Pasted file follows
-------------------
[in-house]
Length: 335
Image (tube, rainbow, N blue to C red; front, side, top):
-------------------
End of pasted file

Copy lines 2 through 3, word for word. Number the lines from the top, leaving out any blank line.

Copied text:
Length: 335
Image (tube, rainbow, N blue to C red; front, side, top):